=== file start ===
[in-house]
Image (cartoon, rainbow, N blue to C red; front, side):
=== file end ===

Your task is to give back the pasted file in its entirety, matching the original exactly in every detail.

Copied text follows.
[in-house]
Image (cartoon, rainbow, N blue to C red; front, side):